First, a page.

Reddit Reddit reviews The Emotionally Abused Woman: Overcoming Destructive Patterns and Reclaiming Yourself (Fawcett Book)

We found 6 Reddit comments about The Emotionally Abused Woman: Overcoming Destructive Patterns and Reclaiming Yourself (Fawcett Book). Here are the top ones, ranked by their Reddit score.

Healthy Relationships
The Emotionally Abused Woman: Overcoming Destructive Patterns and Reclaiming Yourself (Fawcett Book)
Self-HelpAbuseWomanThe Emotionally Abused WomanBeverly Engel, M.F.C.C.
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6 Reddit comments about The Emotionally Abused Woman: Overcoming Destructive Patterns and Reclaiming Yourself (Fawcett Book):

u/tigalicious · 5 pointsr/TwoXChromosomes

My abusive partner did escalate to hitting. But frankly, that was a relief. I know that doesn't sound like it makes sense, but hitting was something that other people would understand. Hitting made the situation clear and easy to define as abuse.

And... hitting is just physical. I find it really hard to explain to most people, but I would take a solid beating (especially with the actual apology and honeymoon period that would follow) any day of the week over someone trying to reach into my head and verbally convince me that I'm worthless again. The verbal and emotional aspects were absolutely the worst parts for me. Bruises heal in a week, but it's been three years and I still stammer when I speak, because I was trained so thoroughly to expect that I'd be interrupted and berated for choosing the wrong word (or speaking at all).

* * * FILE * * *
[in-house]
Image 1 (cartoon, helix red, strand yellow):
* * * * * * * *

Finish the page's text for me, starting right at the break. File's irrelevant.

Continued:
What helped me the most, especially at the beginning of being free from him, was thinking of myself as injured. If your leg was broken, your doctor would inform you that you'll experience pain and immobility, and itching under the cast, so you wouldn't blame yourself somehow for feeling those things or refusing to take the cast off. The emotional symptoms you're feeling now are no different. Read everything you can on the psychological damage that you may be dealing with, and try to get that information from your therapist as well, so you can be informed enough to say to yourself "that's a normal thing to feel while I'm healing." It does get better. You just gotta give yourself time.

I didn't have access to therapy, so these were the most helpful things for me:

The Verbally Abusive Relationship - Evans

The Emotionally Abused Woman - Engel

u/cheribom · 5 pointsr/TwoXChromosomes

This sounds scarily close to what my best friend was married to. Putdowns and insults (both public and private), locked in his office gaming most of the day, low self-esteem translating to "everyone else is a dumbass."

It finally ended with him waving a gun around in a drunken rage, with their 5-year-old son in his bedroom hearing everything and being scared that "Daddy was going to kill me and Mommy."

Get the fuck out of there now.

Edit: Read "Why Does He Do That?" and possibly "The Emotionally Abused Woman." You need to understand that pretty much every abused woman has made the same excuses for her partner that you do. What he's doing is not okay.